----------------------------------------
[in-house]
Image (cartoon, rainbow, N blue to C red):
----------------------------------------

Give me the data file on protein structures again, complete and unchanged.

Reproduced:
[in-house]
Image (cartoon, rainbow, N blue to C red):